TOKYO (AFP) – Danish badminton ace Viktor Axelsen says he can “be a better player” after winning his second world title on Sunday (August 28), but China I dismissed the comparison with the great Lin Dan.
Reigning Olympic champion Axelsen added another title to his 2017 world title with a 21-5 21-16 victory over Thailand’s Khunrabhut Vitisarung in Tokyo, cementing his position at the top of the sport.
The 28-year-old hasn’t lost a single match at this week’s World Championships and believes he has “a long road” to improve.
“I want to get as good as I can,” said the world No. 1, who has lost just one singles match this year.
“I try to take each day as it comes, and try to get better and better every day, but I still feel like I can be a better player.
Axelsen will try to emulate Lynn by winning back-to-back Olympic titles when the 2024 Olympic Games are held in Paris.
Lynn won two Olympic gold medals and five world titles during his illustrious career, but Axelsen refused to be compared to what he believed to be the greatest badminton player ever.
“For me, Lin Dan is the best player ever. He is the GOAT,” Axelsen said.
“I’m just trying to focus on myself and do the best I can, and I’m really proud of where I am.”
21-year-old Bittizahn, who has qualified for her first world championship final, said Axelsen is “not like everyone else.”
“He’s very strong and very fast,” said three-time junior world champion Vitidsarn.
“Other players take 2-3 steps, but Viktor takes 1-2 steps.”
In the women’s singles, Japan’s Akane Yamaguchi defeated China’s Chen Yufei 21-12, 10-21, 21-14 to retain her title in front of her home crowd.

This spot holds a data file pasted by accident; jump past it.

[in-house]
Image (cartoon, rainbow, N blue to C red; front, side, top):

Top-seeded Yamaguchi didn’t drop a single game into the final, but had to dig deep to beat Olympic champion Chen after a change of momentum in the second game.
Yamaguchi, 25, said, “Having fans in the arena and cheering me on really gave me strength.”
“Maybe that’s why I’ve been so positive throughout the tournament.”
Chen had set her sights on becoming the first player from badminton powerhouse China to win the women’s singles world title since 2011.
China has won a total of 15 women’s singles world titles, five times more than any other country, but fourth-seeded Chen is the country’s first women’s world championship finalist since 2014. was a person
The 24-year-old said she was “trying to ignore” the pressure to end the drought, but admitted it “had some impact”.
“I couldn’t mentally handle it, so I need to work on it,” she said.
In the men’s doubles, Indonesian pair Mohammad Afsan and Hendra Setiawan’s dominant run as world champions ended in a 21-19, 21-14 defeat to Malaysia’s Aaron Chia and Saw Oui Ik. .
Ahsan and Setiawan were chasing a fourth consecutive win, but Chia and Soh’s wins made Malaysia the first-ever badminton world champions.
In the women’s doubles, No. 1-seeded China’s Chen Qingcheng and Jia Yifang paired off South Korea’s Kim So-young and Gong Hee-young 22-20, 21-14.
In the mixed doubles, China’s Zheng Siwei and Huang Yaqiong beat Japan’s Yuta Watanabe and Arisa Higashino 21-13, 21-16.